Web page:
A total of 6 patients with endophthalmitis caused by Curvularia species were identified and reviewed in chronological order (Table). In 5 patients (mean age, 75.2 years), endophthalmitis occurred after cataract surgery with intraocular lens implantation; in 1 patient (age, 21 years), endophthalmitis occurred after trauma. The diagnosis was established rapidly at 6 weeks in the trauma case. In the postoperative cases, the time from surgery to the first signs of inflammation ranged from 2 to 5 months. The time from the surgery to correct diagnosis of Curvularia endophthalmitis ranged from 7 to 24 months. The patients with postoperative endophthalmitis were treated with topical corticosteroids (n = 5), sub–Tenon or subconjunctival injection of triamcinolone acetonide (n = 3), or systemic methotrexate sodium and azathioprine sodium (n = 1). These patients underwent a mean of 2 (range, 0-5) intraocular procedures and operations, including anterior chamber culture, vitreous culture, intraocular injection, or pars plana vitrectomy. In 5 postoperative cases, the definitive surgery that established the diagnosis of Curvularia endophthalmitis was pars plana vitrectomy with vitreous cultures, partial or complete capsulectomy or lensectomy, and intravitreal injection of antimicrobials. The time from the inciting event (surgery or trauma) to eradication in all 6 patients ranged from 8 to 27 months. During this time the patients were treated with topical, oral, and, in 1 case, intravenous antifungals. They underwent a mean of 1.8 intraocular procedures, usually with concurrent intravitreal antifungal treatment, with a mean of 6.8 separate intravitreal antifungal injections. Despite aggressive antifungal therapy, eradication of the infection could be achieved only by identification and removal of the nidus of sequestration. This process required the use of imaging studies, such as ultrasonography, and use of endoscopy during the pars plana vitrectomy. The nidi of sequestration included an iris lesion, a corneal endothelial plaque, ciliary body membranes, capsular bag, and subretinal abscess (several of these nidi are shown in the Figure). The visual acuity at presentation ranged from 20/70 to hand motions. The median follow-up was 29.5 (range, 11-35) months. The final visual acuity ranged from 20/60 to light perception.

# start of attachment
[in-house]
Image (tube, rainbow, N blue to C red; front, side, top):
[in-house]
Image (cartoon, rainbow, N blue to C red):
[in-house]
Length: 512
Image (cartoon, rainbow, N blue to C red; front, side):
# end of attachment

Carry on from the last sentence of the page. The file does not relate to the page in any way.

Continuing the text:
We report the first, to our knowledge, clinical series (6 patients) with intraocular cultures positive for Curvularia species. Curvularia, a widespread septate mold that is black owing to melanin in its hyphae and conidia, is found in tropical climates, lives in the soil and on plants, and is spread by airborne spores.11 In the literature, the number of reports of Curvularia keratitis has increased through the last half of the 20th century, with most of the reports coming from India, the United States, and Asia.11 Nevertheless, fungal keratitis due to Curvularia is less frequent than that due to Candida, Fusarium, or Aspergillus species.11 Cases of Curvularia endophthalmitis are rare, but reports are increasing. The first reports of Curvularia endophthalmitis are from India in early 2000.3,6,12 Review of the records of the microbiology laboratory at our institution disclosed that the first case of clinically significant Curvularia endophthalmitis was documented in 2006 (case 1; Table). Four large studies focusing on endogenous and exogenous fungal endophthalmitis at our institution spanning 1984 through 199310 and 1990 through 20098 for endogenous and 1969 through 19867 and 1990 through 20069 for exogenous infections did not identify any cases of Curvularia endophthalmitis.
Curvularia was not documented as a human pathogen until 1959.13Curvularia species most commonly cause skin infections, invasive sinusitis, and allergic fungal sinusitis.14,15 Cases of pulmonary and cerebral infection and arthritis, osteomyelitis, fungemia, endocarditis, peritonitis, and gastrointestinal tract disease have been reported.14,16- 18 Infections with Curvularia do not appear to require an immunosuppressed host, and inhalation and skin inoculation are the main routes of infection.15,18
In the present study, 1 patient was otherwise healthy (case 2). The other patients had several comorbidities such as hypertension, diabetes mellitus, cerebral aneurysm, stroke, anemia, hypothyroidism, and possible rheumatoid arthritis (Table). However, none of them were significantly immunocompromised.